By Matthew Hennessey
It’s the oldest trick in the book: When you’ve got a bad product, you change the name.
But it only works if people don’t know, or can’t see, what you’re up to. Remember the prune industry’s attempt to rebrand the laxative fruit as a dried plum? Nice try.
For decades, the abortion industry has recognized that it has a bad product. Groups like Planned Parenthood and NARAL have openly sought to strip the act of abortion of its meaning and power by couching it in the unobjectionable, feel-good jargon of “women’s reproductive rights.”
By changing its name, these groups have hoped to make abortion seem less like the deliberate killing of an unborn baby and more like having a mole removed. Not pleasant, exactly, but not something to be afraid of either.
Abortion clinics became “reproductive health centers” where women could go to “exercise their rights” or engage in “family planning” by undergoing a “medical procedure” to “terminate” a pregnancy. The medical community largely acquiesced in this. Doctors, nurses, technicians, and counselors happily learned and deployed the new vocabulary.
When my daughter received a prenatal diagnosis of Down syndrome, a great many medical professionals spoke to us in the gentlest terms about our “options.” Even after we expressed our intention to continue the pregnancy, we were offered “genetic counseling” to help us make an “informed decision.” These sessions amounted to little more than a litany of reasons why Down syndrome babies should be aborted: emotional stress, financial strain, susceptibility to disease, learning disability.
One doctor at a large hospital on the Upper East Side actually offered to help my wife find an abortion provider in a neighboring state after the twenty-fourth week of pregnancy, when New York State’s legal window for an abortion would close. We had the distinct impression that he was offering to help us break the law.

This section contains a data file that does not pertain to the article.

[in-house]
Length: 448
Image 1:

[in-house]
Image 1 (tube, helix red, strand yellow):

Which begs the question: What happened to these people? How did these medical professionals lose touch with the reality of what they were doing? How did they become so blind to the moral and physical brutality of the “treatments” they were recommending?
What happened to “first do no harm?”
Could it be that the transition from healing to harming was enabled by the neologisms of the pro-abortion movement? Surely it’s easier for a doctor, nurse, or counselor to recommend “terminating a pregnancy” than it is to advise having an abortion. It is undoubtedly a gentler burden on the soul to have helped a woman to “plan her family” than it is to have ended the life of an innocent unborn human child.
You may recall the recent battle in the New York City Council over Resolution 371-A, the new law requiring so-called crisis pregnancy centers (CPCs), nonprofits run by pro-life groups, to alert clients that they will not be counseled to have an abortion. A 2010 report released by NARAL Pro-Choice New York Foundation accused CPCs of “co-opting the language of the reproductive rights movement” in order to “distance themselves from the incendiary rhetoric of the anti-choice movement.”
This semantic outrage was highly ironic considering NARAL’s own long history of attempting to obscure the essential facts and brutal reality of abortion. But as the prune industry knows all too well, sometimes simply changing the name of a bad product isn’t enough. Shockingly, some people still insist on calling a thing what it actually is.
Recent statistics released by the City Health Department showing an abortion rate of close to 60 percent for African American women elicited barely a peep from the pro-abortion crowd. The howling began only when pro-life group Life Always erected a billboard in Soho claiming that, “The most dangerous place for an African American is the womb.”
Planned Parenthood called the billboard an “offensive and condescending effort to stigmatize and shame African-American women.” New York City Councilwoman Letitia James issued a similar statement saying, “[T]to compare abortion to terrorism and genocide is highly offensive.”
Not wrong, not inaccurate, but offensive. In other words, the councilwoman and Planned Parenthood found the billboard’s claim unpleasant, aggressive, and disagreeable.
Rather like a prune.
From the April 21, 2011 issue of Catholic New York, America’s largest Catholic newspaper.